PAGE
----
Fri Sep 16 08:37am EDT
You know that excess poundage Pablo Sandoval(notes) appears to have regained over the course of the season? I think he was able to work most of that off while running the bases at Coors Field on Thursday night.
The man affectionately known as the Kung Fu Panda reached base five times in the San Francisco Giants' fifth straight victory, an 8-5 decision over the Colorado Rockies, and became only the second major league player to hit for the cycle this season. The other was Milwaukee Brewers backup catcher George Kottaras(notes) on Sept 3.
Probably not the first two guys you'd list as legitimate threats to hit for a cycle on a given day, but Sandoval's effort is a little less surprising if only because it took place at spacious Coors Field, where 10 cycles have occurred since it opened in 1995.
Sandoval began his unexpected journey with a first-inning two-run homer, his 20th of the season. He then followed with a single in the second and a perfectly placed opposite-field double in the fifth. That set the stage for Sandoval to make history, and he didn't waste any time when he came to the plate in the sixth.
On a 2-2 pitch, Sandoval would hit a fly ball to the base of the wall in right-center field that Carlos Gonzalez(notes) couldn't run down. Gonzalez's momentum then carried him into the wall, where he aggravated a previous wrist injury and went to the ground. This allowed Sandoval the extra steps he needed to round second and beat the relay throw with a head first into third for his second triple of the season.
Talk about the stars aligning.
Exactly how you'd expect.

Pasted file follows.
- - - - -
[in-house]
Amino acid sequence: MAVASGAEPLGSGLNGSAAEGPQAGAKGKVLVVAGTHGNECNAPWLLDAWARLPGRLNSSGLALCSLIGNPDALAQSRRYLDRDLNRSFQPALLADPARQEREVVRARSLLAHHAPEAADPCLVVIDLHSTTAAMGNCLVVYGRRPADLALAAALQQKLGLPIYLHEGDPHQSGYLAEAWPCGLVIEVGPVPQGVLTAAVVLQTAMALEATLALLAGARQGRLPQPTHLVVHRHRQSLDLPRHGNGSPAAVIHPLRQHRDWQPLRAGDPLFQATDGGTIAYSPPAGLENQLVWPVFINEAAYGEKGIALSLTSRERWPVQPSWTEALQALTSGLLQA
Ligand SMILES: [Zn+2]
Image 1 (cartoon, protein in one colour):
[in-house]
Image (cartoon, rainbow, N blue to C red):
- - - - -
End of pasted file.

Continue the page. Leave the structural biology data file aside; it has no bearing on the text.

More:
"I was tired, but I was happy," said Sandoval. "It was my first time [hitting] a cycle in the big leagues, so I had to be happy. No matter what, if I'm tired, I'm still going to be happy."
But if you had to say which feeling was more prevalent, would tired come before happy?
Too bad no one asked him that.
Sandoval's first cycle was the 23rd overall in Giants history, and the 10th since moving to San Francisco. The last was accomplished by Fred Lewis(notes) on May 13, 2007, which also came at Coors Field.
It's also interesting to note that Sandoval completed the cycle entirely against Rockies starter Jhoulys Chacin(notes). The last time that happened was July 6, 1999, when Chris Singleton of the Chicago White Sox singled, tripled, doubled and homered in seven innings against then Kansas City Royals starter Jeff Suppan(notes).
"He hit everything I threw," Chacin said. "He hit a homer with a fastball, the base hit was a changeup. (The double) was off the plate and down and he just put the bat on it and he hit it to the other side. It was his night."
That's the danger of pitching to a locked-in free-swinger with a nose-to-toes strike zone. By the time Colorado wised up and intentionally walked Sandoval in the eighth, it was too late to change the outcome of the game. But even with the Rockies giving him a free pass, I wasn't completely convinced Sandoval wouldn't take one more mighty hack.
He restrained himself ... this time.